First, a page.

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Europe stocks hold steady, euro hostage to ECB decision

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[June 05, 2014]  By Nigel Stephenson

LONDON (Reuters) - European shares held steady and the euro hovered near four-month lows against the dollar on Thursday, with the common currency hostage to expectations the European Central Bank will ease monetary policy to support a fragile economic recovery.

In anticipation of lower interest rates, some euro zone government bond yields fell. This helped push the premium that two-year U.S. government debt offers over euro zone benchmarks to its widest since 2007.

In one of its most keenly awaited decisions in years, the ECB is expected on Thursday to impose negative interest rates.

Economists in a Reuters poll forecast the ECB would cut its main refinancing rate to 0.10 percent from 0.25 percent and its overnight deposit rate to -0.10 percent from zero. It may also launch a program of loans to banks to encourage lending.

The consensus view that the central bank will act is so strong that analysts see scope for market disappointment if it fails to meet these high expectations.

ECB President Mario Draghi has expressed concern that a strong euro is contributing to a slowing of inflation that could derail the recovery in the 18-country euro zone.

Steve Barrow, G10 strategist at Standard Bank, said in a note ECB officials would "have their fingers crossed" for a weaker euro but that the outcome was not certain.

"Achieving a weaker euro means fighting two enemies: economic fundamentals and market lethargy. Put the two together and the chances of significant success for the ECB seem limited," he said.

The euro <EUR=> held steady at $1.3600. It has fallen some 4 cents since the ECB's May meeting, hitting $1.3588 a week ago.

However, some in the market said the euro could rebound if the ECB did not offer a surprise.

"Investors could cut some of their euro shorts helping euro/dollar higher towards $1.3700 if the ECB delivers but does not exceed market expectations," said Valentin Marinov, currency strategist at Citi.


The pan-European FTSEurofirst 300 share index <.FTEU3> was up 0.02 percent at 05.45 a.m. EDT in very low volumes as investors moved to the sidelines before the ECB meeting.

"Stocks seem capped at the moment and risks are mostly on the downside if the ECB doesn't deliver. It's very difficult to predict what the new measures will be. It's best to be neutral equities right now," said Arnaud Scarpaci, fund manager at Montaigne Capital in Paris.

Wall Street stock futures <SPc1> were down a shade, though the ECB decision, due at 7.45 a.m. EDT, and any announcement bank chief Mario Draghi might make in his news conference beginning at 8.30 a.m. EDT should be clear before the U.S. market opens.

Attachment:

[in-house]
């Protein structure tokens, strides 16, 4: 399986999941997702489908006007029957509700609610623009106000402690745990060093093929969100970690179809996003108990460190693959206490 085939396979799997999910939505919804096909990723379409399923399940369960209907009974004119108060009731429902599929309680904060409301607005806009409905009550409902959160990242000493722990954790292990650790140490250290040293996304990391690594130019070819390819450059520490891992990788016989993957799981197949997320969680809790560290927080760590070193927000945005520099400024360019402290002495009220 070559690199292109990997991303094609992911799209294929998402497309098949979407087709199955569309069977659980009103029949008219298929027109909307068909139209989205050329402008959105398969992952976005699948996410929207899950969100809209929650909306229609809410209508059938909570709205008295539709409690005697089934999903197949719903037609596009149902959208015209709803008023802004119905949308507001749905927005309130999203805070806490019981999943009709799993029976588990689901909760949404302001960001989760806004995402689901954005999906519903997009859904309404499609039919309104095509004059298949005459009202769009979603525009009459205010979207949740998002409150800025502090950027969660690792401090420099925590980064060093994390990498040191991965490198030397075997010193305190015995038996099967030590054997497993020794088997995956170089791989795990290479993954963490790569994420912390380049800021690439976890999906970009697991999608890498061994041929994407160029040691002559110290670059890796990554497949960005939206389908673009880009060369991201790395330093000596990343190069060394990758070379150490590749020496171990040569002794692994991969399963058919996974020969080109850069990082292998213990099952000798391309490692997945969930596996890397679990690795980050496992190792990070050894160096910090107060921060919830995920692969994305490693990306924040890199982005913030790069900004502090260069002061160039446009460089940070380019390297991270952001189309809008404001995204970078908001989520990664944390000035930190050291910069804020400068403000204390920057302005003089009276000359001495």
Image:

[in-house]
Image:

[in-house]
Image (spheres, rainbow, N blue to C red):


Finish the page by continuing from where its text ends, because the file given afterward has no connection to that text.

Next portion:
Also on Thursday, leaders of the world's leading industrial countries were meeting Paris for talks on the economy.

The talks are expected to reiterate that all members of the Group of Seven must focus on sustaining economic recovery and tightening regulations to prevent banking sector problems.

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Asian shares edged higher, shrugging off a fall in HSBC/Markit's measure of Chinese service sector activity. It dipped to 50.7 in May from 51.4 in April but stayed above the 50-point level that divides growth from contraction. [ID:nL3N0OL12J]

MSCI's broadest index of Asia-Pacific shares outside Japan <.MIAPJ0000PUS> rose 0.3 percent.

Japan's Nikkei <.N225> ended 0.08 percent higher at 15,079, a near three-month closing high as yen weakness lifted the mood.

Emerging markets shares measured by MSCI <.MSCIEF> were up 0.2 percent.

Trading volumes on Wall Street were light before the ECB meeting. The S&P 500 index <.SP500> edged up to a new record close as investors brushed off weaker-than-expected jobs data and focused on an acceleration in service-sector growth [.N]

The dollar index <.DXY>. which measures the greenback against a currency basket, held steady. The U.S. currency eased 0.3 percent to 102.46 yen <.JPY>.

U.S. Treasury yields came off overnight highs as investors took profit on a recent rally before the ECB meeting. Ten-year yields <US10YT=RR> were last at 2.58 percent.

In commodity markets, copper edged up after suffering its biggest one-day fall since mid-April amid jitters about the impact on financing deals from a probe at a Chinese port.

Benchmark copper <CMCU3> was changing hands at $6,775 a ton, having shed 1.2 percent on Wednesday.

Gold idled at $1,244.30 an ounce <XAU=, still pinned near a recent four-month trough of $1,240.61.

Brent crude <LCOc1> eased to $108 a barrel on reduced tension in Ukraine and ample supply in the United States.

(Additional reporting by Wayne Cole in Sydney, Jamie McGeever, Anirban Nag and Emelia Sithole-Matarise in London and Blaise Robinson in Paris; Editing by Gareth Jones)

[ 2014 Thomson Reuters. All rights reserved.]

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